Are you playing the acoustic on “Damn, I’m In Love Again”?

Yeah, I had such a good time playing acoustic on that song. First of all, I love the song. Mr Big has a lot of complicated playing, and I enjoy that as well, but it’s nice with a song like that where I just don’t have to think about, worry about, solos or getting some complicated part right. I can just enjoy the music, listen to Eric sing. The question I get a lot is, do I feel like playing “To Be With You.” I love playing “To Be With You.” I love playing ballads. Actually, one of my favorite parts of being in Mr Big is the singing. I joined as the guitar player but one of the things I look forward to is when we all sing together and do harmonies together; and also I love hearing Eric sing and he sings that one great.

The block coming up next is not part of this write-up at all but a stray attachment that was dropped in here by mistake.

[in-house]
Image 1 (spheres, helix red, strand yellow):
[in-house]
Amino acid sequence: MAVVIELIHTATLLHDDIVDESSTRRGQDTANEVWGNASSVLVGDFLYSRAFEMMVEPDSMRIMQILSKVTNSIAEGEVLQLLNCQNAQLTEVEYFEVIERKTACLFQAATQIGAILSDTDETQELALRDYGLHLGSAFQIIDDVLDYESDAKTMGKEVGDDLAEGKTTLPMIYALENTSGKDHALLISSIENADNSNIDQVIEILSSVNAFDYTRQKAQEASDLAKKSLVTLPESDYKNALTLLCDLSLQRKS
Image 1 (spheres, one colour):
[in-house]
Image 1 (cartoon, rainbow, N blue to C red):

Did you start on an acoustic?

I always wanted to play electric but I couldn’t afford one when I was young. The only guitar I had for two years was an acoustic and I didn’t really play it acoustic style, and I still am not. I don’t really have special techniques for acoustic. I just sort of play electric on acoustic, with the exception of basic strumming. I don’t do a lot of finger-picking or that kind of thing. If I had to be like in a bluegrass band, I’d get kicked out immediately. They would never have me (laughs).

How would you describe your relationship with the acoustic guitar?